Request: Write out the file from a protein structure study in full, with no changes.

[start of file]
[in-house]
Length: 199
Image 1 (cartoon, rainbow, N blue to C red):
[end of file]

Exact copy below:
[in-house]
Length: 199
Image 1 (cartoon, rainbow, N blue to C red):